Medical Status of 219 children with biliary atresia surviving long-term with their native livers: Results from a North American multicenter consortium

Vicky Lee Ng*, Barbara H. Haber, John C. Magee, Alexander Miethke, Karen F. Murray, Sonia Michail, Saul J. Karpen, Nanda Kerkar, Jean P. Molleston, Rene Romero, Philip Rosenthal, Kathleen B. Schwarz, Benjamin L. Shneider, Yumirle P. Turmelle, Estella M. Alonso, Averell H. Sherker, Ronald J. Sokol

*Corresponding author for this work

Research output: Contribution to journalArticle

34 Scopus citations

Abstract

Objectives To examine the medical status of children with biliary atresia (BA) with their native livers after hepato- portoenterostomy (HPE) surgery. Study design The Childhood Liver Disease Research and Education Network database was utilized to examine subjects with BA living with their native livers 5 or more years after HPE and to describe the prevalence of subjects with BA with an "ideal" outcome, defined as no clinical evidence of chronic liver disease, normal liver biochemical indices (aspartate aminotransferase, alanine aminotransferase, γ-glutamyl transpeptidase, platelet count, total bilirubin, international normalized ratio, and albumin), and normal health-related quality of life 5 or more years after HPE. Results Children with BA (n = 219; 43% male) with median age 9.7 years were studied. Median age at HPE was 56 (range 7-125) days. Median age- and sex-adjusted height and weight z-scores at 5-year follow-up were 0.487 (IQR -0.27 to 1.02) and 0.00 (IQR -0.74 to 0.70), respectively. During the 12 preceding months, cholangitis and bone fractures occurred in 17% and 5.5%, respectively. Health-related quality of life was reported normal by 53% of patients. However, only 1.8% met the study definition of "ideal" outcome. Individual tests of liver synthetic function (total bilirubin, albumin, and international normalized ratio) were normal in 75%, 85%, and 73% of the study cohort. Conclusion Cholangitis and fractures in long-term survivors underscore the importance of ongoing medical surveillance. Over 98% of this North American cohort of subjects with BA living with native livers 5 or more years after HPE have clinical or biochemical evidence of chronic liver disease.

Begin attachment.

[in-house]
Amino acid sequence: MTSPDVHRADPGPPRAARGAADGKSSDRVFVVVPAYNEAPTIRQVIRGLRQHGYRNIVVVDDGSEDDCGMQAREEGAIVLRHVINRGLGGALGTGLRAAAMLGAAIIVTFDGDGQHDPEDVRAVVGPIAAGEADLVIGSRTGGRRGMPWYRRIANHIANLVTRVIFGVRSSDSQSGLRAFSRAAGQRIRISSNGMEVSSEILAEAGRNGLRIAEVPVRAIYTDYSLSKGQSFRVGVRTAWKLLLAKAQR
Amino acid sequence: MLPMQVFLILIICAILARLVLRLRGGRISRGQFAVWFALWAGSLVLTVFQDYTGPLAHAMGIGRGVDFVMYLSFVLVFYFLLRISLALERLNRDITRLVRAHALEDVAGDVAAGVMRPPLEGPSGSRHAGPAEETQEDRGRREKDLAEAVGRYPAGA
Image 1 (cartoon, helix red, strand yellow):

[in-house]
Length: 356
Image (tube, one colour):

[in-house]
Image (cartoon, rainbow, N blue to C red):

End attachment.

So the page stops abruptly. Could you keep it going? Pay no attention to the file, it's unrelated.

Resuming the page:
Original languageEnglish (US)
Pages (from-to)539-546.e2
JournalJournal of Pediatrics
Volume165
Issue number3
DOIs
StatePublished - Sep 2014

ASJC Scopus subject areas

  • Pediatrics, Perinatology, and Child Health

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